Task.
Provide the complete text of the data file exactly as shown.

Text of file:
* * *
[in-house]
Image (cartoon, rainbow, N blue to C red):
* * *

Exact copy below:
[in-house]
Image (cartoon, rainbow, N blue to C red):